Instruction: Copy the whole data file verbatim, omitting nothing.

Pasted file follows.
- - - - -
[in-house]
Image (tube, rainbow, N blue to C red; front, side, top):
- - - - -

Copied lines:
[in-house]
Image (tube, rainbow, N blue to C red; front, side, top):